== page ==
Expect the unexpected!
As suggested by my host in Alembon the day before, 8:00am I was downstairs for breakfast. Got to taste all the home made compote she does and home baked cake as well.
After breakfast I started packing. I confess, this is one of my weak points and something I definitely need to get better at. The Camino de Santiago has taught me a few lessons last year, which I seemed to have forgotten, but the Via Francigena is being quick at reminding me of them.
Before I left home I packed everything according to item type, e.g. clothes and footwear all in one pannier, electronics in another, 1st aid kit and items of personal hygiene in another and so on…
The thing is, when you are on the move and need something you don’t want to be opening several different panniers to get items you may need. The lesson I learned on the Camino was to pack a pannier with the most likely things you are going to need during the day (in the case of the Camino I packed it in a rucksack, as I had only 2 panniers then, where I now have 4), so you’ll only need to open one bag during the day, unless something out of the ordinary happens, which is not uncommon. I am, therefore, attempting to change the packing accordingly and moved several items around the panniers.
When I finished packing everything (took me about 25 min… yes, I am slow) brought everything downstairs, where the bike was, and started to load them in the bike. About 15 min later, when all panniers and the camping bag were loaded and fastened, I realised I was missing my Cateye cycling computer, which I thought I had placed in the handlebar bag together with the Garmin Edge 810. It wasn’t there. Went back to the room and searched everywhere as I knew I had it the day before… couldn’t find it. There was only one option left: Search in the panniers, which, as I mentioned before, were already loaded in the bike. I’ll give you one chance to guess if it was in the 1st pannier or in the last. Did you guess? Of course it was in the last. It must have fallen in the pannier as I was rearranging the packing. Altogether, I literally spend 1h looking for the damn thing. That meant I left the B&B only around 11:30am. For a pilgrim this is almost time of arrival, not time of departure. Anyway… need to give no excuses to anyone as I am alone, but it was a bit stressful. My own fault.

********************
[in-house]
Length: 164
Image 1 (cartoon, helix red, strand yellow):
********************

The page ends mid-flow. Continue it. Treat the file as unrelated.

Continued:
From Alembon I rode to Licques, where I managed to get a stamp from a water park there, as everything else was closed. Then to Tournehem-sur-la-Hem, where there was also nothing open. Not to say nothing, the church was open, but there was no one in it. From Tournehem my next destination was Thérouanne, where, according to my host the day before, there was a pilgrim’s hostel, but… everything was closed. I wasn’t planning to stay there anyway, as I wanted to ride more, so I rode further to Amettes where there is another hostel with special rates for pilgrims (€13/night). Guess what? Closed!
In all the villages I rode through everything was closed. Even the petrol stations were closed. if I wanted to setup camp somewhere I would have to go hungry as I couldn’t find anything open to buy food. I also couldn’t get any stamps on my Pilgrim’s credential which, upon arrival in Rome, is the document you have to show.
So I decided to continue riding to Bruay-la-Buissière as I knew it was a bigger town and there was bound to be something open. As I got there I asked several people about “auberges” or hotels but I couldn’t find any near, so I turned to Google which offered me a few, with one of the cheapest being the Ibis Style in the outskirts of town. Had to ride another 4 or 5 Km to get there and the daily rate wasn’t the €53 Google suggested, but €69 with Breakfast. By that point it was late and I was too tired to go searching for something cheaper, so that is where I stayed. The room was great and the hotel was near several restaurants. Had a really good meal at the 3 Les 3 Brasseurs.
When I left Alembon in the morning, the day was a bit unsettled and that made me forget to pass on the sunscreen on my skin. I live in the UK, so this is something we use very little there 🙂
The sunscreen was on the bottom of one of my panniers, which I really didn’t want to take off the bike again. The result was a really bad sun burn and fever at night which made for an uncomfortable night. I should have stopped to get the sunscreen… lesson number… ? (who’s counting anyway).
Well, that was it. I’m attaching a few pictures to this “post by email” which I hope will be self-explanatory. If you have any questions, just drop me a comment.
Before I close the post, have you made your donation to Mind UK, which is the charity I am sponsoring during this ride? Common, 20 quid will not be much at the end of the month and it’s all for a good cause.